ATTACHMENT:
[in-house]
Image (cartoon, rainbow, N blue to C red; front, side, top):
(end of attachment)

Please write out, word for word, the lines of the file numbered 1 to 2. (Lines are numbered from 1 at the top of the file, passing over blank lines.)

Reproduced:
[in-house]
Image (cartoon, rainbow, N blue to C red; front, side, top):